“Good advertising does not just circulate information. It penetrates the public mind with desires and belief.” – Leo Burnett
The advertisement refers to marketing communication that helps in promoting a brand, product, or service. It is an effective tool for reaching out to potential customers and grab their attention. ‘Comparative Advertisement’ is the term used for the advertisement that compares the advertiser’s goods and services with that of competitor’s. The objective of comparative advertising is threefold i.e. creating awareness amongst the masses by honest comparison, promoting the brand, and increasing the sales in the market. These advertisements are designed for comparing the value, quality, price, advantages, etc. of their product with that of competitors for influencing consumer behavior while having a notion that their product is better than or as good as the competitors.
Comparative advertising is permissible as it is considered to be under the ambit of commercial speech which is protected under Article 19(1) (a) of the Constitution of India as it allows the free flow of information and public awareness.Freedom of speech and expression does not grant blanket protection, it condemns the act of defaming or disparaging any brand or product. The advertiser can use the element of “Puffery” to claim for their product that can be true or false for instance the advertiser can claim that their product is the best in the Country. The advertiser cannot make an advertisement that is deceptive in nature and is disparaging to the competitor’s brand or product.
TRADEMARK LAW AND COMPARING ADVERTISEMENT
Trademark is a mark or a symbol that distinguishes the goods of one product from the other of similar nature. It allows the customer to distinguish the products and to determine the source of origin. A trademark owner has an exclusive right to use his trademark and also has a right to protect his trademark from getting infringed. In the era of globalization, it is important to have an identity and maintaining a reputation of a brand. The trademark grants an identity to a brand and it has all the right to safeguard it. The advertisement should not indulge in competitor’s product disparagement but if it does then the advertiser will be held liable for the trademark infringement.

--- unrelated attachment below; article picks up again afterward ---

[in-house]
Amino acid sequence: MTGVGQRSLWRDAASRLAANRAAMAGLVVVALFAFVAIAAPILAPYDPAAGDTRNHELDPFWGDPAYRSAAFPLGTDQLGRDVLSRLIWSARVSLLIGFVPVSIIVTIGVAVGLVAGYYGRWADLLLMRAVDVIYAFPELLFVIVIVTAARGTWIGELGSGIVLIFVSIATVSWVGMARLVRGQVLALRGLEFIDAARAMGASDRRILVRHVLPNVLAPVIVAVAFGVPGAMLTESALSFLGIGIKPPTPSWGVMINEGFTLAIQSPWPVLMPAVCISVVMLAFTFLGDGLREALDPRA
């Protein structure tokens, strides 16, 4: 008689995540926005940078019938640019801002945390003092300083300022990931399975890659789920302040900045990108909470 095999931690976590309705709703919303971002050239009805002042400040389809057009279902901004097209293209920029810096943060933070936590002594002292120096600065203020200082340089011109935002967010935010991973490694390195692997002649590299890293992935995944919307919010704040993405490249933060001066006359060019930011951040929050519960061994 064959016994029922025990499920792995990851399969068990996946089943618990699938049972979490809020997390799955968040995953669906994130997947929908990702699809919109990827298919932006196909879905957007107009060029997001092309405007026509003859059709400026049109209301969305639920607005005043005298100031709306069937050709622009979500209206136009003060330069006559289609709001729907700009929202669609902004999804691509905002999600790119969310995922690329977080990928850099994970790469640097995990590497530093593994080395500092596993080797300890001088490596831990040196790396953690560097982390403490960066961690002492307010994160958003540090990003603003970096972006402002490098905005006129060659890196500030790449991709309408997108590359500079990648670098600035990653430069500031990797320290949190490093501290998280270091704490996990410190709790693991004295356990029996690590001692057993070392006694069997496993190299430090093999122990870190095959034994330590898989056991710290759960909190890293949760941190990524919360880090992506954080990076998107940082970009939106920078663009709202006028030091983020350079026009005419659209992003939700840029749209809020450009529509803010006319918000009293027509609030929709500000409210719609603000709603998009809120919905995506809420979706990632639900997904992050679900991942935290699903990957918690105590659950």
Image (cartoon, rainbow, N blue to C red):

The Trademark Act, 1999 grants the provisions for protecting the trademark from getting infringed. Trademark Infringement pertaining to advertising is defined under section 29 (8) of the Trademark Act which states that if the advertisement takes unfair advantages, uses dishonest practices, is detrimental to its distinctive character, and is against the reputation of the trademark then the said advertisement will be considered to a trademark infringement. Section 30(1) makes comparative advertisement an exception where a registered trademark can be used by a person for identifying the goods and services but with honest practice and should not take any unfair advantages. It means that in India it is permissible to use one’s trademark for comparison and if it’s used the above-mentioned conditions are fulfilled it will not attract the provision of trademark infringement.
The burden of proof lies on the shoulder of the trademark owner to prove that the use of his trademark does not fall under honest practice. If the advertisement has used the tactics of disparaging the competitor’s product and misleading the consumers it would not attract the provision of honest practice. The test for determining the advertisement falls under honest practice or not will be by examining what the reasonable reader or a consumer thinks. The advertisement will be seen as a whole and not one part or segment of it. Apart from the trademark laws, India has the “Advertising Standard Council of India (ASCI)” that allows the comparative advertisement unless the comparison is clear, based on facts, and does not deceive a potential customer. The advertisement should not be of a nature that provides an undue advantage to the producer over the competitor’s goods or service or brand.
In the case of Britannia v Unibic Biscuits India, the plaintiff was the owner of the registered trademark “Good Day” for its biscuits. While the respondent i.e. Unibic launched their biscuits “Why have a Good Day when you can have a Great Day”. The plaintiff contended that the advertisement has infringed their trademark “Good Day”. Bangalore City Civil Court granted an injunction to the defendant for disparaging the product of the plaintiff and the manner the advertisement was made will not attract the provisions of honest practice.